Our final stop on this year's journey was the Berlin Herbarium and Berlin Botanical Garden. The herbarium houses an excellent collection of Camelina, including many rare type specimens. Here we gained an appreciation for how our collections fit into the diversity of Camelina specimens collected by others throughout the world. In addition, we saw two species for the very first time: Camelina anomala and C. stiefelhagenii.
Jordan examines Camelina anomala for the first time. This is a very rare species of Camelina that was last collected over one hundred years ago!
C. anomala is unique among Camelina species in that it has elongated fruit pods. This trait is could potentially increase seed yields since fruits are larger, but unfortunately our efforts to collect this species from the regions where it was originally documented have thus far been fruitless. We got to see this type specimen at the Berlin Herbarium.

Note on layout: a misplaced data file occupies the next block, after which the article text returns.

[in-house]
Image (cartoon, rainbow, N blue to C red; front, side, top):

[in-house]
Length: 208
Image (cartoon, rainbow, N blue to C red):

Another rare Camelina collection was found at the Berlin Herbarium. Camelina stiefelhagenii is an interesting plant with an even more interesting story. It was collected in a garbage dump in Dresden during 1938. The specimen came with many hand written letters and postcards detailing Stiefelhagen's findings.
The Berlin Botanical Gardens was a treat! Exhibits were based on geographies, even the Caucasus region was represented in the gardens. We found numerous Brassicaceae species dotted throughout these recreated landscapes.
Remnants of the Berlin wall with the dead-zone separating East and West Berlin.